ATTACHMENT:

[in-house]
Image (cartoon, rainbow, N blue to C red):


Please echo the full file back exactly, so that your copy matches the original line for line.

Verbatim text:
[in-house]
Image (cartoon, rainbow, N blue to C red):